Web application developer

WCF service with Named Pipes

wcf named pipes

Written by: willem | Nov 6 2014 1:54 PM

The nice thing of WCF is that you can easily switch connection methods. the only thing you need to change is some configuration and the type of the connection classes you’re using. All other code remains the same.

If you use named pipes for your WCF service you’re sharing memory between server and client. This is of course a very fast method, but the downside is that both the client and the server need to be running on the same machine.

This blog post is one in a series of posts.

If you followed previous post you will see creating a service that runs on named pipes works the same a configuring your service for TCP. There are three steps to follow:

  • configure IIS
  • change web.config
  • change connection classes in the client

If you didn’t follow the previous blog strictly, you might not have installed the named pipes software for WCF. Check this in “turn windows features on or off” and install it if necessary.


You also might want to download the project code from the previous post. It's here.

Now, start up the IIS manager and select the wcf service on the left pane and click “bindings” on the right pane.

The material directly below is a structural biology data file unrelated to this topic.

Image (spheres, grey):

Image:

Click add.


Select the net.pipe option and put * in the text field.


Click “OK” and “Close”.

Now Click “Advanced Settings” in the right pane of IIS manager.


Add “net.pipe” to the enabled protocols


Click “OK” and close the IIS Manager.

Open the web.config file in the publish folder. Make sure you do not accidentally open the web.config in the project folder since that won’t work here.

Add a binding in system.servicemodel –> bindings

	     <binding name="InsecNamedPipe">
	          <security mode="None"></security>

And add an endpoint.

	<endpoint address="net.pipe://localhost/messageservice.messageservice.svc" binding="netNamedPipeBinding" bindingConfiguration="InsecNamedPipe" contract="MessageService.IMessageService"></endpoint>

Save the config file.

Now open the project in visual studio. Since we are only using the client application you can unload MessageService project (but not necessary).

Change the button_click method in MainWindow.xaml.cs into this:

	private void Button_Click(object sender, RoutedEventArgs e)
	     EndpointAddress endpoint = new EndpointAddress("net.pipe://localhost/MessageService.MessageService.svc");
	     NetNamedPipeBinding binding = new NetNamedPipeBinding();
	     binding.Security.Mode = NetNamedPipeSecurityMode.None;
	     ChannelFactory<IMessageService> factory = new ChannelFactory<IMessageService>(binding, endpoint);
	     IMessageService service = factory.CreateChannel();

	     MessageService.Message message = new MessageService.Message();
	    message.Reverse = true;
	    message.StringValue = InputTextBox.Text;

	    OutputTextBox.Text = service.ProcessMessage(message);

Here only three changes are made:

  • The endpoint address is changed (including the protocol!).
  • The binding class is changed to NetNamedPipeBinding.
  • The security mode in set to none since we don’t use security here.

Now run the client project and send some text to process!


Download the project here.

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